As for the Arab world, a recent study in one Arab country found that about 40 percent of women refuse to take part in elections, neither as candidates nor as voters and that women are not suited for political engagement. This leads me to emphasize that Saudi women are fortunate that their status is an essential part of economic and social reforms. After decades of education, through King Abdullah Abdel Aziz’s political decision, Saudi women started to represent 20 percent of the Saudi Consultative Assembly of Saudi and were granted the right to vote and run for municipal councils. This was not compelled by social awareness but a political decision that surprised the world. Still, important steps on this issue required more enlightened stances and progress. They were encompassed within the Kingdom’s Vision 2030 launched by the young Saudi Crown Prince, Mohammed bin Salman, in 2016, and it included an array of reforms that address all facets of life. Within a few years, Saudi women entered the labor market, working in both the public and private sectors. The hindrances that had left them working only in education were removed. They rushed to work in every sector, equipped and encouraged by the national strategy of putting the half of society that had been idle back to work, based on merit and under the appropriate conditions.
King Salman bin Abdul Aziz issued decrees and shaped the framework for legislation that dealt with women’s right to be independent citizens with full legal rights instead of making claims and expressing wishes. Because of actions, Saudi women can compete for jobs in all sectors and on all levels, including leadership positions. As rational adults who know what they are doing, they have the right to travel and move around without anyone’s permission. Laws protecting them from harassment and violence were passed and violating them is punished with heavy mandatory sentences.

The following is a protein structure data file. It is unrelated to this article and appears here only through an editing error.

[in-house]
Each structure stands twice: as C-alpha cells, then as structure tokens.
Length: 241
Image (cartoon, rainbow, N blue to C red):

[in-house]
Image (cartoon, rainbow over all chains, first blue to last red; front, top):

The Women’s Reports published by the World Bank a few days ago showed that Saudi Arabia women’s involvement in business and law progressed for the second year in a row, receiving a score that surpassed 70 percent. The criteria of the metric adopted by the report, which goes over the work environment, increased employment, childcare and transportation, gave the Kingdom a perfect score, except for wages, which in fact is an issue that women still decry across the world. Not bad, the whole world is working on improving women’s conditions, international institutions, states as well as women who are making demands.
We are certainly better off today than we had been before. However, Saudi Arabia nonetheless has a significant edge, as the political decisions being taken in the country break stereotypes that have marginalized women for decades, leaving women’s success dependent on aptitude and competence, not on the availability of opportunities. Opportunities were scarce, but today they are abundant. Yesterday’s concerns are of the past. It is true that we, as women, strive for more, but we are striving to achieve our ambitious aspirations within an environment that creates passion.
Saudi women see International Women’s Day differently, with a distinct feeling; conditions now allow them to compete for better positions and be genuine decision-making partners alongside their male brothers!